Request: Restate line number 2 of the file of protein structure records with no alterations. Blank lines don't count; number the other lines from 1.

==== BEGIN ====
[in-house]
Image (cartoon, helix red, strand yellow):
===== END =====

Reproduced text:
Image (cartoon, helix red, strand yellow):